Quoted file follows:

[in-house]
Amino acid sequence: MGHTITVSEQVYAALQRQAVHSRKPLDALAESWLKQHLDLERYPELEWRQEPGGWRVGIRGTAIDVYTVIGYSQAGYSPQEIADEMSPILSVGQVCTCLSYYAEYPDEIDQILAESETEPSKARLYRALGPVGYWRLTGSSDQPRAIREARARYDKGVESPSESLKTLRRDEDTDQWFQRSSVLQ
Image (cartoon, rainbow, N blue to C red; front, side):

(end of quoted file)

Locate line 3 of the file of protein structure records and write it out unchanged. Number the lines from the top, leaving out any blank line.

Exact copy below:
Image (cartoon, rainbow, N blue to C red; front, side):